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  23. added 2017-02-11
    Tests of the Discontinuity Hypothesis of the Effects of Independent Outcome Values Upon Bets. Anonymous - 1968 - Journal of Experimental Psychology 76 (3p1):444.
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  24. added 2017-02-10
    A Dutch Book Theorem for Quantificational Credences.Benjamin Lennertz - 2017 - Ergo: An Open Access Journal of Philosophy 4.
    In this paper, I present an argument for a rational norm involving a kind of credal attitude called a quantificational credence – the kind of attitude we can report by saying that Lucy thinks that each record in Schroeder’s collection is 5% likely to be scratched. I prove a result called a Dutch Book Theorem, which constitutes conditional support for the norm. Though Dutch Book Theorems exist for norms on ordinary and conditional credences, there is controversy about the epistemic significance (...)
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  25. added 2017-02-10
    De Finetti's Earliest Works on the Foundations of Probability.Jan Plato - 1989 - Erkenntnis 31 (2-3):263-282.
    Bruno de Finetti's earliest works on the foundations of probability are reviewed. These include the notion of exchangeability and the theory of random processes with independent increments. The latter theory relates to de Finetti's ideas for a probabilistic science more generally. Different aspects of his work are united by his foundational programme for a theory of subjective probabilities.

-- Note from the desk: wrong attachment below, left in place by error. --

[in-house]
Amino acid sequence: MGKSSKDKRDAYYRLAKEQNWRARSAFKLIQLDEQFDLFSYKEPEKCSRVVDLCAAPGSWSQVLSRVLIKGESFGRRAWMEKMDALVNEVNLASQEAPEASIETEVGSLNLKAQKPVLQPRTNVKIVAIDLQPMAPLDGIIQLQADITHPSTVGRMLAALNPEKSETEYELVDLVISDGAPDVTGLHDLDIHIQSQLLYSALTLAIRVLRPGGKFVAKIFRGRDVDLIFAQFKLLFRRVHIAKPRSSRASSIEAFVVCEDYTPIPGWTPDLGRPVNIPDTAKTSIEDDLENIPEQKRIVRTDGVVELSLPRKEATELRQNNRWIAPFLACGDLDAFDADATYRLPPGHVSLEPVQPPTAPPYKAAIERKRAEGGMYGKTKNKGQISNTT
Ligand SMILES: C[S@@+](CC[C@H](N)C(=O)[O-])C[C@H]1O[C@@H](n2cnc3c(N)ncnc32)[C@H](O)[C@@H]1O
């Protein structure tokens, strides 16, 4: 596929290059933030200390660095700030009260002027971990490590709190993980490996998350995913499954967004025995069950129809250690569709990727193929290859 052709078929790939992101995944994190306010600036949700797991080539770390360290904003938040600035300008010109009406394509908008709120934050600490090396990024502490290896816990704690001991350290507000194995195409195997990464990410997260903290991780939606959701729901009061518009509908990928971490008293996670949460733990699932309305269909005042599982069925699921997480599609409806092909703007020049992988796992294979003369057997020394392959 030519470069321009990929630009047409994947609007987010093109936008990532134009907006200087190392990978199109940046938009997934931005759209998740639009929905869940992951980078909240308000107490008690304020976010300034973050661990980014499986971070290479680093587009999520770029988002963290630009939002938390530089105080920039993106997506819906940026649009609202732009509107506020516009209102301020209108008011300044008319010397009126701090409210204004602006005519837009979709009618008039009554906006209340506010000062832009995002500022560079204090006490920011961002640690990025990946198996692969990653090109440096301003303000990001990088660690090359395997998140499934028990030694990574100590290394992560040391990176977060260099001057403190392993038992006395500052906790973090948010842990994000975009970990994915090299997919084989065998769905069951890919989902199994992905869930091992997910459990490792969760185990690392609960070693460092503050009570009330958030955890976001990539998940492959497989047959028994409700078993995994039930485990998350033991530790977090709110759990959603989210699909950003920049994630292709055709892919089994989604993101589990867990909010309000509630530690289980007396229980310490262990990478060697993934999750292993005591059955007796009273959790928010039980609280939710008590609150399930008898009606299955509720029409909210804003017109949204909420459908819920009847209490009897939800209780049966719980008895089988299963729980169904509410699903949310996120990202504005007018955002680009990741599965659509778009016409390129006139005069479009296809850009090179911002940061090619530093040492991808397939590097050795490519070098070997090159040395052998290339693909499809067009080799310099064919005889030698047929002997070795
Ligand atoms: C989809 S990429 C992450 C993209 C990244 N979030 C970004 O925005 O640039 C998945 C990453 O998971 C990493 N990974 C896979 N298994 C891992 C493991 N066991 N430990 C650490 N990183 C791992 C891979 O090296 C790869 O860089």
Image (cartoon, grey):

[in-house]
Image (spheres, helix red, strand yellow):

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  26. added 2017-02-08
    Subjective Probability and Expected Utility Without Additivity.David Schmeidler - 1989 - Econometrica 57:571-589.
  27. added 2017-02-06
    B. De Finetti, Philosophical Lectures on Probability[REVIEW]Jon Williamson - 2010 - Philosophia Mathematica 18 (1):130-135.
  28. added 2017-02-03
    Studies in Subjective Probability.Henry Ely Kyburg (ed.) - 1964 - Krieger.
  29. added 2017-02-01
    Subjective Probability and Acceptance.Mark Norris Lance - 1995 - Philosophical Studies 77 (1):147 - 179.
  30. added 2017-02-01
    Anti-Realism in the Philosophy of Probability: Bruno de Finetti's Subjectivism. [REVIEW]Maria Carla Galavotti - 1989 - Erkenntnis 31 (2-3):239--261.
    Known as an upholder of subjectivism, Bruno de finetti (1906-1985) put forward a totally original philosophy of probability. This can be qualified as a combination of empiricism and pragmatism within an entirely coherent antirealistic perspective. The paper aims at clarifying the central features of such a philosophical position, Which is not only incompatible with any perspective based on an objective notion, But cannot be assimilated to other subjective views of probability either.
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  31. added 2017-01-29
    Coherence in the Aggregate: A Betting Method for Belief Functions on Many-Valued Events.Tommaso Flaminio, Lluis Godo & Hykel Hosni - unknown
    Betting methods, of which de Finetti's Dutch Book is by far the most well-known, are uncertainty modelling devices which accomplish a twofold aim. Whilst providing an interpretation of the relevant measure of uncertainty, they also provide a formal definition of coherence. The main purpose of this paper is to put forward a betting method for belief functions on MV-algebras of many-valued events which allows us to isolate the corresponding coherence criterion, which we term coherence in the aggregate. Our framework generalises (...)